We spent a lot of time in the departure lounge, browsing the duty-free shops and buying up snacks to strategically get rid of as much of our left over British money as possible. And then there was the ceremonial Taking of the Last Picture in England.

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It took a bit of diligence to get seats together on the plane because we all had separate reservations, but hard work pays off.

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Airplane cheers for us. I was lucky enough to have the window seat…

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Great view, right? We gazed out over the Atlantic the whole time.

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Eight hours in a plane isn’t so bad, especially when you’ve got your besties. You’ll note we were not immune to the crazy, however, which can be seen in our faces. Or mine at least.

On our landing cards, we all put that we’d been to a farm (because we had) which caused us to get special marks in immigration (the line was super long, and then the conveyor belt for the luggage wasn’t working so it took forever), and then we got pulled aside in customs for a special xray of our luggage (which we had diligently loaded on to carts and had to immediately take off again) and the Official Decontamination of the Farm Contaminated Shoes. They were also placed in a plastic bag for Extra Protection.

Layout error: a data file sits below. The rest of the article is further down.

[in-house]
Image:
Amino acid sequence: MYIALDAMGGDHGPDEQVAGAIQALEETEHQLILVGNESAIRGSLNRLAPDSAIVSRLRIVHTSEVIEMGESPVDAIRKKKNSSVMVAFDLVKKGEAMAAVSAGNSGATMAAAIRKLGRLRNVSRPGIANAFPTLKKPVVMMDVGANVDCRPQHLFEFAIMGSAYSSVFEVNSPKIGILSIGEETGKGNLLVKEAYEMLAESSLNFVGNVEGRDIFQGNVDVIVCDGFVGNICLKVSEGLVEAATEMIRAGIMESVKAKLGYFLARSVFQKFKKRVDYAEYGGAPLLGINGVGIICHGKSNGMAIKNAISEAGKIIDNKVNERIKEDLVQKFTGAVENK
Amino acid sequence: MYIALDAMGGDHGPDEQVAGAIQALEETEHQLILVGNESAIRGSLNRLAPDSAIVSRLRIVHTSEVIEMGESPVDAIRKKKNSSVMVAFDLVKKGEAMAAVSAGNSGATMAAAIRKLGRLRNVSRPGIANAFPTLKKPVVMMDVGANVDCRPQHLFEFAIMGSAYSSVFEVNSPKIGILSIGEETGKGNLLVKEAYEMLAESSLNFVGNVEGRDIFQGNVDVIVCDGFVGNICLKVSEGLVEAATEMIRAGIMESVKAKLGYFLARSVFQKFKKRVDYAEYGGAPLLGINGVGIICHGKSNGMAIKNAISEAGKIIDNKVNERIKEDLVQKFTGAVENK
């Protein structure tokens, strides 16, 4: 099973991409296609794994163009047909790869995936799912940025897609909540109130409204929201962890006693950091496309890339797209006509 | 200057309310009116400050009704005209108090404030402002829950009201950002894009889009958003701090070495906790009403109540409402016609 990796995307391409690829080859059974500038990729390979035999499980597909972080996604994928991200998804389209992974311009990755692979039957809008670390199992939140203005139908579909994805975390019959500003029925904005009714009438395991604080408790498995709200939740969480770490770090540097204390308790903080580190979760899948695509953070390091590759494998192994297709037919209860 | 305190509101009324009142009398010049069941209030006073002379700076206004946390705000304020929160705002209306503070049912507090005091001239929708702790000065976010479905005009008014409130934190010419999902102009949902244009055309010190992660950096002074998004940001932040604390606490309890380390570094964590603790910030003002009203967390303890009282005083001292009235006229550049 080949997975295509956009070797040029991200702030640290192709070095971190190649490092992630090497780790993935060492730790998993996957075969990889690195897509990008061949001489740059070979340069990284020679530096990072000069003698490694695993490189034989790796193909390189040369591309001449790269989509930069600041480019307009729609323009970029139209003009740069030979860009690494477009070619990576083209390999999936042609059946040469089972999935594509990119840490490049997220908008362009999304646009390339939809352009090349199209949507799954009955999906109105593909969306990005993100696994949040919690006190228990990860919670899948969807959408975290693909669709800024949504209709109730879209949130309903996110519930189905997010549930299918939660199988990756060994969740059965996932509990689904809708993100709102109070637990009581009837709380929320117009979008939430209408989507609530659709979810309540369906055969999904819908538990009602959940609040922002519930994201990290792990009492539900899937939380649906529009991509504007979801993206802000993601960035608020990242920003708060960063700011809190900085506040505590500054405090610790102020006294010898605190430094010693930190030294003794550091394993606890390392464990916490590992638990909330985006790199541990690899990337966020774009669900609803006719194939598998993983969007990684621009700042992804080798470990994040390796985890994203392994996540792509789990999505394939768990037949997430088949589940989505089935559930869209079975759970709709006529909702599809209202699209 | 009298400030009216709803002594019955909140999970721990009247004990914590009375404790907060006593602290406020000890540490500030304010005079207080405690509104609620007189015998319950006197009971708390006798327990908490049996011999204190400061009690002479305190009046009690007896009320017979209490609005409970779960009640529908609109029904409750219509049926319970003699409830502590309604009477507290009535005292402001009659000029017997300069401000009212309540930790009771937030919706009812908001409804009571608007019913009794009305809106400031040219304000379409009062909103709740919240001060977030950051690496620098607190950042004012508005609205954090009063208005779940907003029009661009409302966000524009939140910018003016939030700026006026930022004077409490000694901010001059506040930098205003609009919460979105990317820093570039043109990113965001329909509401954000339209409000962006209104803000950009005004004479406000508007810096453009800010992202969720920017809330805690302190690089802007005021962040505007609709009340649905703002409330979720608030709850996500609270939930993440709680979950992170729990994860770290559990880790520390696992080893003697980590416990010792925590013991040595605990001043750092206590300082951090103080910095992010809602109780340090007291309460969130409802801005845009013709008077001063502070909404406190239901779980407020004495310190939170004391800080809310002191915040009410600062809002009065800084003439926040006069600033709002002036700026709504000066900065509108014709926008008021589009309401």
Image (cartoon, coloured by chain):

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And once we got through customs, they are like “SURPRISE! Give back your carts for now there is only an escalator to the shuttle to the main building. Or you can put your luggage on this slow mystery conveyor that will take it to normal baggage claim so you can wait for it all over again.”